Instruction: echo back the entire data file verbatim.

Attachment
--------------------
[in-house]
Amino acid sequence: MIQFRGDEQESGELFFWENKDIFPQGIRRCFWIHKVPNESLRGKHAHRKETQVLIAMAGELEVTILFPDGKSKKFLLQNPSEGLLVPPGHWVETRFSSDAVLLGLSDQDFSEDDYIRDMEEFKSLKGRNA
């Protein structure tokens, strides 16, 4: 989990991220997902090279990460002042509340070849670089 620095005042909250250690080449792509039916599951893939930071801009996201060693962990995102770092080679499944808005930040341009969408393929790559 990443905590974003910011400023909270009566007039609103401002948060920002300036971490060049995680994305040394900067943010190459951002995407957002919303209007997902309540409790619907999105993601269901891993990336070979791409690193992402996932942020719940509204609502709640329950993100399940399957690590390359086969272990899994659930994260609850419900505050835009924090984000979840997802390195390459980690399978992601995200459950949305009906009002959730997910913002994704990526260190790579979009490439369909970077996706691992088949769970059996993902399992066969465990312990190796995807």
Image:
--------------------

[in-house]
Amino acid sequence: MIQFRGDEQESGELFFWENKDIFPQGIRRCFWIHKVPNESLRGKHAHRKETQVLIAMAGELEVTILFPDGKSKKFLLQNPSEGLLVPPGHWVETRFSSDAVLLGLSDQDFSEDDYIRDMEEFKSLKGRNA
């Protein structure tokens, strides 16, 4: 989990991220997902090279990460002042509340070849670089 620095005042909250250690080449792509039916599951893939930071801009996201060693962990995102770092080679499944808005930040341009969408393929790559 990443905590974003910011400023909270009566007039609103401002948060920002300036971490060049995680994305040394900067943010190459951002995407957002919303209007997902309540409790619907999105993601269901891993990336070979791409690193992402996932942020719940509204609502709640329950993100399940399957690590390359086969272990899994659930994260609850419900505050835009924090984000979840997802390195390459980690399978992601995200459950949305009906009002959730997910913002994704990526260190790579979009490439369909970077996706691992088949769970059996993902399992066969465990312990190796995807």
Image: